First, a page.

This report contributes to ongoing efforts to recognise and support those with disabilities during and after conflict by examining the extent to which peace agreements include provisions addressing them as a group.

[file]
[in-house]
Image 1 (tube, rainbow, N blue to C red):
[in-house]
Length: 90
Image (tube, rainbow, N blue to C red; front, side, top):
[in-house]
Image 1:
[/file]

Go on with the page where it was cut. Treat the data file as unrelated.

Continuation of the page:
Peace agreements are ‘formal, publicly available documents, produced after discussion with conflict protagonists and mutually agreed to by some or all of them, addressing conflict with a view to ending it’ (Bell and Badanjak 2019: 2). Peace agreements have the potential to help address the marginalisation and discrimination faced by persons with disabilities prior to and during conflict as well as those that have disabilities because of conflict. At their core, peace agreements are both backwards and forwards looking: they seek to end violence, but also to ensure a sustainable peace and transformed society by addressing those issues that caused conflict in the first place and flowed from conflict as a result (Easterday 2014, Bell 2008). As such, peace agreements can also help create environments where persons with a disability are empowered and fully integrated into post-conflict societies.